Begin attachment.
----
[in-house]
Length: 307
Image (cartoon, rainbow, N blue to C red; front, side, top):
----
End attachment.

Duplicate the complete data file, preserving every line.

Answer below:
[in-house]
Length: 307
Image (cartoon, rainbow, N blue to C red; front, side, top):